3) G. Romero once said “A zombie film is not fun without a bunch of stupid people running around and observing how they fail to handle the situation”. There will be room for irony in your game or do we have to expect a persistent dark mood?
Our people are normal Joes and Janes, with all the flaws you can expect from ordinary people put in extraordinary circumstances. They’re far from being politically correct, they’d rather save their arse than the world, they hate and they love, and they curse and get offended by your foul language, they say dumb things and have smart ideas. If you haven’t laughed and cried (discreetly, inside) at least once during your play-through, you might say we failed. But you will.
4) In the post-apocalyptic videogames, one of the most fascinating and, at the same time, tricky mechanics is the survival element. Often the introduction of this feature risks making the game frustrating or even boring. How do you think to handle these elements in Urban Strife?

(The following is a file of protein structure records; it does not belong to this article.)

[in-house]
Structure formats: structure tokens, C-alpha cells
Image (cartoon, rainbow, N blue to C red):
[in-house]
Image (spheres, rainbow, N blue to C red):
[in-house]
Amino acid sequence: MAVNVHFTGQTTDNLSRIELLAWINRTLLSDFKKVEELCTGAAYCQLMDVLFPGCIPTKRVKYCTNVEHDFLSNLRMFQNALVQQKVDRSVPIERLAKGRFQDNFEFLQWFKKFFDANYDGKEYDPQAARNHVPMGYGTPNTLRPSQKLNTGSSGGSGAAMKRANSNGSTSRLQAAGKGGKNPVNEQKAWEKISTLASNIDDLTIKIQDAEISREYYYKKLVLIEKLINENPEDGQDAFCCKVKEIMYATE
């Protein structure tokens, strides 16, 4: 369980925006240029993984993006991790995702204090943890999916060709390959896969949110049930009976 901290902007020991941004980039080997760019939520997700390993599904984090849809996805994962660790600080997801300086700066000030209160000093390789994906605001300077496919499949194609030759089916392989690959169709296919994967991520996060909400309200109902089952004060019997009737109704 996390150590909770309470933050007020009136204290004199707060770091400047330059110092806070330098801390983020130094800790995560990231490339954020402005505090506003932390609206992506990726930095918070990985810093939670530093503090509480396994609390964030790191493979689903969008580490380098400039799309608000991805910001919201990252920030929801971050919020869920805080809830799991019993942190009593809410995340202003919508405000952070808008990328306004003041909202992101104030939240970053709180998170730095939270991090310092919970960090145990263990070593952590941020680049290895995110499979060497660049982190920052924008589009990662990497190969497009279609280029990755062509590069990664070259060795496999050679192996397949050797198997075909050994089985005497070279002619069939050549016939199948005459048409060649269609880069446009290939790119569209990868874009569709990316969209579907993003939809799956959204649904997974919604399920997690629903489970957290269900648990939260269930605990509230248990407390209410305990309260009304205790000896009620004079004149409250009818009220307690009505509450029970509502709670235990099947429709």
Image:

We feel like no element should be introduced to make you feel like the game is boring just for the sake of having more hours under completion rankings. You will need to scavenge materials and build your own tools when you start out, but play your politics card right and you can later pass on the boring grind to the shelter population. Unless you decide to spend the night with the girls down at the Shady Lady gentlemen’s club and some old lady dies because you were supposed to go back with her heart medicine. Then you might be back to cleaning the cages down at the rat farm without any help.
5) Now let’s talk about enemies: how many enemy types we will encounter during our adventure? And above all, will we fight against both humans and monsters?